Buildings fall, but documents endure

The ethnic neighborhood around Dayton Malleable continued to thrive as families settled and remained. The local newspapers had ads for the Budapest Cafe at Dakota and Summit streets and reported on the football, basketball and baseball teams. As children grew up and had families of their own, they found housing in other parts of Dayton. The roughly 1,300 “foreign-born whites” from Hungary recorded as living in Ward 5 for the 1920 Census dropped to 248 people of Hungarian ancestry in the similar 1960 Census tract. By 1961, the Holy Name parochial school closed, and Holy Name had its final Mass in 1974, when the church served 90 active members. The Journal Herald noted the church’s closing and recounted parishioners’ concerns about preserving the Hungarian culture: “The old people are afraid it will die out in the move to St. Stephen’s. The younger parishioners are hopeful that the Hungarian language, customs and heritage can be maintained.”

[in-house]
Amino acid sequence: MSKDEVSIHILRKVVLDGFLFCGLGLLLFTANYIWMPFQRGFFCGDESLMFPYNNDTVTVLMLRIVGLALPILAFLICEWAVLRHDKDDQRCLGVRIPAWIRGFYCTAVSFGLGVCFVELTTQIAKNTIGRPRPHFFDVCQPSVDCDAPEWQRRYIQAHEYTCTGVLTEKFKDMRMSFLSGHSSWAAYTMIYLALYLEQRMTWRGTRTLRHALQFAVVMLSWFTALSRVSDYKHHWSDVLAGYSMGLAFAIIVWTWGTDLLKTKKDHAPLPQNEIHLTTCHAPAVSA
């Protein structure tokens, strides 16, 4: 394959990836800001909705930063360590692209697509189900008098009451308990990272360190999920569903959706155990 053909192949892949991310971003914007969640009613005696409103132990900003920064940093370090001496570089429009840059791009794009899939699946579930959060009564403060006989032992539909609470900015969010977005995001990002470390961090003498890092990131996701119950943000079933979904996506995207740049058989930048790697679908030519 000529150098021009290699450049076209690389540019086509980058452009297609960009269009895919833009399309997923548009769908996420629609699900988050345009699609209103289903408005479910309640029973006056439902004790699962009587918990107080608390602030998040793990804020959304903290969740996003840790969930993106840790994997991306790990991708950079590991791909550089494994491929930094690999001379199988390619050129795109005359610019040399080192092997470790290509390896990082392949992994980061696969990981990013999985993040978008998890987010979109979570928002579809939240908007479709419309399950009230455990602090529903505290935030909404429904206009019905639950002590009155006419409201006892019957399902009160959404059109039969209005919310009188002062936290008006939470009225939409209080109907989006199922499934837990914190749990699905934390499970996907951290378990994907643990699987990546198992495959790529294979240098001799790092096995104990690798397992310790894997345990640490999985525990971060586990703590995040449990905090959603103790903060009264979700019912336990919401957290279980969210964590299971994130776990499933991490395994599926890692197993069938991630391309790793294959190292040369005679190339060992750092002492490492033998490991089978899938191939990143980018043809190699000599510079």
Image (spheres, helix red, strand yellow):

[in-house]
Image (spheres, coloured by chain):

Gradually, absentee ownership took a toll on the neighborhood itself, and by 1991, about 75 percent of the neighborhood's homes had been demolished.

Maps, data, digital resources offer window on the past

While much of the West Side’s Hungarian history and structures are now lost, technology and resources such as eCommons, Sanborn maps, the U.S. Census and local websites provide a window on the past. In learning how Holy Name Church and the University of Dayton relied upon each other, we can see just how closely the threads of history connect us.

Further Reading / Bibliography

— Heidi Gauder is a professor in the University Libraries and coordinator of research and instruction. She has visited Hungary twice. Bridget Garnai is a lecturer and librarian in the University Libraries. She is of Hungarian descent, some of her great-great-grandparents having arrived in the United States from Austria-Hungary around the turn of the 20th century.